‘Why local data is the key to successful place making’ by Sally Kerr
Article 7 of 7 in the Smart Places illustrated blog article series featuring thought pieces from a diverse line up of thinkers, practitioners, experts and leaders in this field. View the other articles here, or find out about the full programme of events.
The COVID emergency has brought many challenges that were unimaginable a few months ago. The first priorities were safety and health, but when lockdown started one of the early issues was accessing and sharing local data to help everyone deal with and live through the emergency. Communities grappled with the scarcity of local data, finding it difficult to source for some services, food deliveries and goods. This was not a new issue, but the pandemic brought it into sharp relief.
Local data use covers a broad spectrum. People moving to a new area want information about the environment — schools, amenities, transport, crime rates and local health. For residents, continuing knowledge of business opening hours, events, local issues, council plans and roadworks remains important, not only for everyday living but to help understand issues and future plans that will change their environment. Really local data (hyperlocal data) is either fragmented or unavailable, making it difficult for local people to stay informed, whilst larger data sets about an area (e.g. population, school performance) are not always easy to understand or use. They sit in silos owned by different sectors, on disparate websites, usually collated for professional or research use.
Third sector organisations in a community will gather data relevant to their work such as contacts and event numbers but may not source wider data sets about the area, such as demographics, to improve their work. Using this data could strengthen future grant applications by validating their work. For Government or Health bodies carrying out place making community projects, there is a reliance on their own or national data sources supplemented with qualitative data snapshots. Their dependence on tried and tested sources is due to time and resource pressures but means there is no time to gather that rich seam of local data that profiles individual needs.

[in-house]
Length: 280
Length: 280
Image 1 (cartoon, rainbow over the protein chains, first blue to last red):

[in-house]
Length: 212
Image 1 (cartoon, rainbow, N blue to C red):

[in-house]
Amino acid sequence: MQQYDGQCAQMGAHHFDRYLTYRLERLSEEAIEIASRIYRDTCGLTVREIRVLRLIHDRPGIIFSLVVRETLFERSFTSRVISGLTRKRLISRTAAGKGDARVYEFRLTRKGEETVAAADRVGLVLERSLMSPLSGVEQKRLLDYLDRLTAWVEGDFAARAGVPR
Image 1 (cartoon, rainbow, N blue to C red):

Imagine a future community where local data is collected and managed together for both official organisations and the community itself. Where there are shared aims and varied use. Current and relevant data would be accessible and easy to understand, provided in formats that suit the user — from data scientist to school child. A curated data hub would help citizens learn data skills and carry out collaborative projects on anything from air quality to local biodiversity, managing the data and offering increased insight and useful validation for wider decision making. Costs would be reduced with duplication and effort reduced.
How could this happen and how might it operate?
A data trust is one method. It is a legal structure that provides independent stewardship of some data for the benefit of a group of organisations or people. It could provide an opportunity for local people to directly participate in local decision making by creating and maintaining accurate and valuable data that provides a rich insight into the needs of the area.
The local library could be the data hub for the trust, curating and managing data as it does with other deposited items relevant to the local area. Use of the data would be managed appropriately and ‘lent’ to users according access rights and data licence. Trusted users, acting as data stewards, with other members, would identify gaps and duplication in the collection, supporting projects to improve the data available. The hub could offer additional guidance from partners, provide equipment and offer training. Locally sourced data would be accessible to researchers as well as planners, architects, health workers and strategists. Technology would play a key role, both in terms of infrastructure but also innovation, using emerging tech such as personal sensors for data collection and use. Taking advantage of different technologies would expand data gathering opportunities through joint projects with businesses and Universities.